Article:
Major Harsh Vardhan Bahuguna, and his younger sibling Major Jai Vardhan Bahuguna, weren’t just any two climbers among the many who died in an effort to summit the world’s highest mountain peak, Mt Everest. They were both competent climbers, with many others successful expeditions to their names, and both Army Officers. But the fact that sets them apart from the many who envisaged the climb to the highest point on the planet was that both the brothers died during their second attempts to summit Everest, almost at the same spot near the South Col route, only fourteen years apart . Their story is an enthralling tale of coincidences and a memory that has long been forgotten.
Much before the era of cricket, at a time when different sports had palatable perceptions among the youth in India, mountaineering as a sport was of some significance. With its mountain corridor towards the north being home to many of the biggest and grandest peaks in the world, India was in someways destined to summit the highest points, both figuratively and literally. Our associations with the mountains are integral to us, and a backdrop to many of our mythological tales and renditions.
Like every sport in India, mountaineering too has its own set of Heroes, fables on whom are passed onto generations of enthusiasts. Such a fable is that of these two brothers, Harsh and Jai Vardhan Bahuguna, both of them Army Officers who are now immortalised in the annals of mountaineering history as among the first few Indians to attempt summit Everest.
Major Harsh Vardhan Bahuguna, a.k.a “Bogie” was commissioned into the Armoured Corps of the Indian Army in 1958. A established mountaineer,and a former instructor at the prestigious High Altitude Warfare School(HAWS), Gulmarg, Bogie had a lot of experience to his name leading up to his expeditions to the Everest. Part of the famed Indian Everest Expedition in 1965, Maj Bahuguna was ill fated to have developed medical problems just 400 feet short of the summit, and had to withdraw. Notwithstanding externalities that came to pose a hindrance to his passion , Maj Bahuguna took a second chance at Everest while taking part with an International Everest Expedition in 1971. However, his long yearned dream to climb atop Everest became the cause of his untimely death, as he died due to exposure on April 18, 1971, stranded and alone near the South Col near Mt Everest.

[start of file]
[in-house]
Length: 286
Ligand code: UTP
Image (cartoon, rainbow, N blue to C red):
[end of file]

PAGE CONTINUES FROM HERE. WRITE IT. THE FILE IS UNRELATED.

Major Jai Vardhan Bahuguna in an obituary of Maj Harsh is listed as Cadet J V Bahuguna of Indian Military Academy. After getting commissioned into the Bengal Sappers (Later 1 Para), Maj Jai followed in his brother’s footsteps to take up mountaineering. This was an excellent showcase of fortitude, since he took to similar goals that resulted in his brother’s death. Maj Jai too was a part of a famous Everest Expedition during his first attempt in 1984, the expedition which is known for putting the first Indian woman atop Everest, Bachendri Pal. As is proclaimed, Maj Bahuguna and another special forces officer, Maj Kiran Inder Kumar, who also participated with Maj Jai on his second expedition, showcased utmost sportsmanship spirit by opting to give their reserve oxygen to Bachendri Pal, so that she could summit the peak. They both then opted out and returned, while putting Bachendri Pal on course. Major Jai Vardhan Bahuguna’s second expedition came in 1985, which till this date remains the most horrifying Indian Expedition to Everest. This expedition resulted in the death of five Indian Army Officers, four due to exposure, and one due to fall. Major Jai Vardhan Bahuguna died on October 10, 1985 due to exposure, following extreme weather on the mountain and with no possibility of safe recourse to lower camps. Major Jai Vardhan Bahuguna died at South Col, just near the spot where his elder brother had died fourteen years before.
In popular culture, their names have long been forgotten and not much justice has been done to their memory. However, among the select set of mountaineering fraternities, they are well remembered for their courage and undying resolve. Among the few public representations in their memory, is the Auditorium at the Nehru Institute of Mountaineering , which has been named after both the brothers, apart from a gas station in Noida.